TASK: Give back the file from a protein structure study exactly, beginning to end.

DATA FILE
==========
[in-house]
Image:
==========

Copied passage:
[in-house]
Image: